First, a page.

NEW APACHE SYSTEMS MAKE THEIR DEBUT
18 Aug 08. The Lockheed Martin /Northrop Grumman Longbow Unmanned Aerial Systems Tactical Common Data Link Assembly (UTA) and Lockheed Martin’s Arrowhead® modernized target acquisition/night vision sensor debuted during the first flight of the U.S. Army’s AH-64 Apache Block III attack helicopter. These systems enhance the Warfighters’ ability to engage targets more effectively and at a safer distance.
The Longbow Weapon System is produced by the Longbow Limited Liability Company (LBL), a joint venture of Lockheed Martin and Northrop Grumman, and is comprised of a Fire Control Radar (FCR), a fire-and-forget millimeter wave-guided HELLFIRE missile and the all-digital M299 Launcher.
The Longbow UTA is a derivative system of the combat-proven Longbow FCR. Its visual signature and aerodynamics are identical to the FCR. The Longbow UTA is a two-way, high-bandwidth data link for Apache aircrews. UTA Apache aircrews can exercise up to Level 4 control of unmanned aerial systems (UAS) at long ranges and can receive high-quality UAS imagery on their multi-purpose displays.
The Lockheed Martin Modernized Target Acquisition Designation Sight/Pilot Night Vision Sensor (M-TADS/PNVS) system, known as Arrowhead, features both day and night sensor assemblies. The new, advanced targeting FLIR sensor uses SADA 1 technology and has three fields of view, a multi-target tracker, laser spot tracking and internal boresight. A charge-coupled device camera improves day TV viewing, and the TADS electronic display and control unit (TEDAC) cockpit panel improves target resolution, situational awareness and survivable space for the aircrew.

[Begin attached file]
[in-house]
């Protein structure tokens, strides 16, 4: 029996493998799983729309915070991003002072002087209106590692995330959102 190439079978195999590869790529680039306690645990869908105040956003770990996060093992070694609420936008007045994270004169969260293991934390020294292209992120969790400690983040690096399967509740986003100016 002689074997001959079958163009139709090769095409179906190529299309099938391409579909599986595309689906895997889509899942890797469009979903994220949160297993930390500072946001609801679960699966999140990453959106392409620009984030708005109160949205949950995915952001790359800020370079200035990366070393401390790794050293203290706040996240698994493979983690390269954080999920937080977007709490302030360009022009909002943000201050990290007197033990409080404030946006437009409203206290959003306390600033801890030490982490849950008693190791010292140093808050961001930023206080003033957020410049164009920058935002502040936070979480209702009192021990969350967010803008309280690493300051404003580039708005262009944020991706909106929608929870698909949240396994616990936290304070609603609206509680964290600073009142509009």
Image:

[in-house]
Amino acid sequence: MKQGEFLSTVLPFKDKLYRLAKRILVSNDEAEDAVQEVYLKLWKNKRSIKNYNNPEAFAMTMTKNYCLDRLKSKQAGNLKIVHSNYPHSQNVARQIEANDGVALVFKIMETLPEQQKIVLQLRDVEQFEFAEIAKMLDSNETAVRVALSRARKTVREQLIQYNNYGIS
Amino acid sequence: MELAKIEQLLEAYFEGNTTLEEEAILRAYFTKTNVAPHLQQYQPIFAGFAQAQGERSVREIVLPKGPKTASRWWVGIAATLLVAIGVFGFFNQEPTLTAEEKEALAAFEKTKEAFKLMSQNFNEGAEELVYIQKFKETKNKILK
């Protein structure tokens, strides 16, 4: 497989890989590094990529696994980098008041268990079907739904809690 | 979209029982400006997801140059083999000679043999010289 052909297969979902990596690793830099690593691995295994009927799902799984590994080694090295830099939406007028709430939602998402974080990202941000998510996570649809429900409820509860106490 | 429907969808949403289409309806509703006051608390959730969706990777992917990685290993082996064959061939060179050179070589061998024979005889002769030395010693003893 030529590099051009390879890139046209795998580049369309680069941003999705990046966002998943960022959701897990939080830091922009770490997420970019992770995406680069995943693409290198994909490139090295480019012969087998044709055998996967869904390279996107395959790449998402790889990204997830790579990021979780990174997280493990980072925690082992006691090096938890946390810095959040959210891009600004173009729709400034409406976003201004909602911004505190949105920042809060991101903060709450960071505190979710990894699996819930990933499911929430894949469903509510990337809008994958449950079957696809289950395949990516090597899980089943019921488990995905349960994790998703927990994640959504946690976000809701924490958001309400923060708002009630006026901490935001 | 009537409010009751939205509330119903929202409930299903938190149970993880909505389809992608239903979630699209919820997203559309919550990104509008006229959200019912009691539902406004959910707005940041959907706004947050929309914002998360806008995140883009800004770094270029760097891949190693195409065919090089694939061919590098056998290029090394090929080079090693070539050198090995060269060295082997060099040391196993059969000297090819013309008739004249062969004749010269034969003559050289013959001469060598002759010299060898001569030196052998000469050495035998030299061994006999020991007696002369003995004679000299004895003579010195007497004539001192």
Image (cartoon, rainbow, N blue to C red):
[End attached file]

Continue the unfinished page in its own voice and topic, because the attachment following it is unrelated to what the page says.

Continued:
“We always look forward to putting new state-of-the-art capabilities into the hands of our Warfighters. Arrowhead and Longbow UTA provide just that,” said Robert Gunning, vice president for Apache Programs at Lockheed Martin Missiles and Fire Control. “Longbow UTA has proven to be very successful in simulation testing, and will be in operational testing in the near-term. The combat-proven Arrowhead system has been operational since 2005. Both systems’ outstanding integrated capabilities enhance Apache lethality and crew survivability while reducing pilot workload and adding new battlefield capabilities.”